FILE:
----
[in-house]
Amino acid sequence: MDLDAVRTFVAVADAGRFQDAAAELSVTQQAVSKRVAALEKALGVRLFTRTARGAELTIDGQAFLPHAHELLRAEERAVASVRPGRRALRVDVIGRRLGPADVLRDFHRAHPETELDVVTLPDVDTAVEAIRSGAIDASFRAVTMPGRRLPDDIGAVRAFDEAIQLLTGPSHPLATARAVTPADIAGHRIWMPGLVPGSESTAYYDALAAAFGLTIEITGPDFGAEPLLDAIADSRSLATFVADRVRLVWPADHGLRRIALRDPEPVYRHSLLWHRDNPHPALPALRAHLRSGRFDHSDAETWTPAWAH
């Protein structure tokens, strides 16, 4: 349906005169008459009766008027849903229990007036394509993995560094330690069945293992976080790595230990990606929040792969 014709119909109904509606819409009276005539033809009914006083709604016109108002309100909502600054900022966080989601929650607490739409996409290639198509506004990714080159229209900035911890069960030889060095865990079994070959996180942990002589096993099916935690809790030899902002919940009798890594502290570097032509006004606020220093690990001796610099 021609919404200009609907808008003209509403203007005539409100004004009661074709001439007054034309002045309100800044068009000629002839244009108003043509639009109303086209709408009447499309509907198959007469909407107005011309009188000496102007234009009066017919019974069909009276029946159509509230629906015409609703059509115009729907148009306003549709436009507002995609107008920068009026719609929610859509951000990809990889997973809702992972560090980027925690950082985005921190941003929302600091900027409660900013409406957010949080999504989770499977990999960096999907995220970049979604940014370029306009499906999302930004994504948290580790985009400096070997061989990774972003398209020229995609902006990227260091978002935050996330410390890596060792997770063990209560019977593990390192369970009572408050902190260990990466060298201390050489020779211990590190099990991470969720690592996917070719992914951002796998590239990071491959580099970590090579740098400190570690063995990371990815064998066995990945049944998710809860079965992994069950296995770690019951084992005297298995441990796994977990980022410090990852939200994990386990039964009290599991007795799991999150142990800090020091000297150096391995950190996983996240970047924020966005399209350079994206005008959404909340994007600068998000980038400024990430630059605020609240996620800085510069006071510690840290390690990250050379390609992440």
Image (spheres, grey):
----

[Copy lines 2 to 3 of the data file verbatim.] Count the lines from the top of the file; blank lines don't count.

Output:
Amino acid sequence: MDLDAVRTFVAVADAGRFQDAAAELSVTQQAVSKRVAALEKALGVRLFTRTARGAELTIDGQAFLPHAHELLRAEERAVASVRPGRRALRVDVIGRRLGPADVLRDFHRAHPETELDVVTLPDVDTAVEAIRSGAIDASFRAVTMPGRRLPDDIGAVRAFDEAIQLLTGPSHPLATARAVTPADIAGHRIWMPGLVPGSESTAYYDALAAAFGLTIEITGPDFGAEPLLDAIADSRSLATFVADRVRLVWPADHGLRRIALRDPEPVYRHSLLWHRDNPHPALPALRAHLRSGRFDHSDAETWTPAWAH
């Protein structure tokens, strides 16, 4: 349906005169008459009766008027849903229990007036394509993995560094330690069945293992976080790595230990990606929040792969 014709119909109904509606819409009276005539033809009914006083709604016109108002309100909502600054900022966080989601929650607490739409996409290639198509506004990714080159229209900035911890069960030889060095865990079994070959996180942990002589096993099916935690809790030899902002919940009798890594502290570097032509006004606020220093690990001796610099 021609919404200009609907808008003209509403203007005539409100004004009661074709001439007054034309002045309100800044068009000629002839244009108003043509639009109303086209709408009447499309509907198959007469909407107005011309009188000496102007234009009066017919019974069909009276029946159509509230629906015409609703059509115009729907148009306003549709436009507002995609107008920068009026719609929610859509951000990809990889997973809702992972560090980027925690950082985005921190941003929302600091900027409660900013409406957010949080999504989770499977990999960096999907995220970049979604940014370029306009499906999302930004994504948290580790985009400096070997061989990774972003398209020229995609902006990227260091978002935050996330410390890596060792997770063990209560019977593990390192369970009572408050902190260990990466060298201390050489020779211990590190099990991470969720690592996917070719992914951002796998590239990071491959580099970590090579740098400190570690063995990371990815064998066995990945049944998710809860079965992994069950296995770690019951084992005297298995441990796994977990980022410090990852939200994990386990039964009290599991007795799991999150142990800090020091000297150096391995950190996983996240970047924020966005399209350079994206005008959404909340994007600068998000980038400024990430630059605020609240996620800085510069006071510690840290390690990250050379390609992440």